A very bad night for the Lib Dems in Scotland

The Lib Dems lose their deposit after winning just 2.2 per cent of the vote in the Inverclyde by-ele

Despite talk of the SNP pulling off a shock defeat, Labour was always likely to win last night's Inverclyde by-election. In the end, the party's margin of victory - 5,838 votes - was greater than many activists expected, and Ed Miliband can celebrate his fourth consecutive by-election win this morning.

The SNP, who came within 511 votes of capturing the sister seat in last month's Scottish Parliament elections, were hopeful of victory but Labour's majority of 14,416 proved too great to overturn. It's further evidence that while Alex Salmond has established the SNP as the natural party of devolved government, Labour is still the party of choice in Westminster elections.

The other noteworthy thing about last night was the disastrous performance of the Lib Dems. Their share of the vote plummeted from 13.3 per cent to 2.2 per cent, losing the party its deposit, and they were pushed into fourth place by the Tories. Sophie Bridger, the Lib Dem candidate, won just 627 votes on a respectable turnout of 45.4 per cent, only 339 more than the Ukip candidate, Mitch Sorbie.

The recriminations have already begun, with the Scottish party attributing its defeat to Nick Clegg's toxic reputation. As the former MSP Ross Finney commented: "There were clear issues of trust in the leadership". Expect to see the Scottish Lib Dems do even more to differentiate themselves from the national leadership over the coming months.

The result in full

Iain McKenzie (Lab) 15,118 (53.8%, -2.2%)

Anne McLaughlin (SNP) 9.280 (33%, +15.5%)

David Wilson (Con) 2,784 (9.9%, -2.1%)

Sophie Bridger (LD) 627 (2.2%, -11.1%)

Mitch Sorbie (UKIP) 288 (1%, -0.2%)

Labour majority: 5,838 (20.8%, -17.6%)

Turnout: 28,097 (45.4%, -18%)

George Eaton is political editor of the New Statesman.

Getty
Show Hide image

Leader: The divisions within Labour

Labour’s divisions have rendered it unfit for government at a moment of profound political change.

Labour is a party torn between its parliamentary and activist wings. Since Jeremy Corbyn, who this week appealed desperately for unity, was re-elected by a landslide last September, Labour has become the first opposition in 35 years to lose a ­by-election to the governing party and has continually trailed the Conservatives by a double-digit margin. Yet polling suggests that, were Mr Corbyn’s leadership challenged again, he would win by a comfortable margin. Meanwhile, many of the party’s most gifted and experienced MPs refuse to serve on the front bench. In 2015 Mr Corbyn made the leadership ballot only with the aid of political opponents such as Margaret Beckett and Frank Field. Of the 36 MPs who nominated him, just 15 went on to vote for him.

Having hugely underestimated the strength of the Labour left once, the Parliamentary Labour Party (PLP) will not do so again. In the contest that will follow Mr Corbyn’s eventual departure, the centrists could lock out potential successors such as the shadow business secretary, Rebecca Long-Bailey. Under Labour’s current rules, candidates require support from at least 15 per cent of the party’s MPs and MEPs.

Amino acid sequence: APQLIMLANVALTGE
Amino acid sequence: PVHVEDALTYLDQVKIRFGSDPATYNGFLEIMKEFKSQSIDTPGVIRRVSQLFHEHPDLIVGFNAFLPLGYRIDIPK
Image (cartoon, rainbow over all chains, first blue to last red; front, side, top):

This conundrum explains the attempt by Mr Corbyn’s supporters to reduce the threshold to 5 per cent. The “McDonnell amendment” (named after the shadow chancellor, who failed to make the ballot in 2007 and 2010) is being championed by the Bennite Campaign for Labour Party Democracy and Jon Lansman of Momentum, who is interviewed by Tanya Gold on page 34. “For 20 years the left was denied a voice,” he tweeted to the party’s deputy leader, Tom Watson, on 19 March. “We will deny a voice to no one. We face big challenges, and we need our mass membership to win again.”

The passage of the amendment at this year’s Labour conference would aid Mr Lansman’s decades-long quest to bring the party under the full control of activists. MPs have already lost the third of the vote they held under the electoral college system. They face losing what little influence they retain.

No Labour leader has received less support from his MPs than Mr Corbyn. However, the amendment would enable the election of an even more unpopular figure. For this reason, it should be resolutely opposed. One should respect the motivation of the members and activists, yet Labour must remain a party capable of appealing to a majority of people, a party that is capable of winning elections.

Since it was founded, Labour has been an explicitly parliamentary party. As Clause One of its constitution states: “[The party’s] purpose is to organise and maintain in Parliament and in the country a political Labour Party.” The absurdity of a leader opposed by as much as 95 per cent of his own MPs is incompatible with this mission. Those who do not enjoy the backing of their parliamentary colleagues will struggle to persuade the voters that they deserve their support.

Labour’s divisions have rendered it unfit for government at a moment of profound political change. Rather than formalising this split, the party needs to overcome it – or prepare for one of the greatest defeats in its history.

This article first appeared in the 23 March 2017 issue of the New Statesman, Trump's permanent revolution